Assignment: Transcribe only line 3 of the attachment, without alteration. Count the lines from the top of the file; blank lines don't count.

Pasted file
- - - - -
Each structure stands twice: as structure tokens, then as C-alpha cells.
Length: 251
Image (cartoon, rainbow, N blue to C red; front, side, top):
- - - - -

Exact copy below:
Image (cartoon, rainbow, N blue to C red; front, side, top):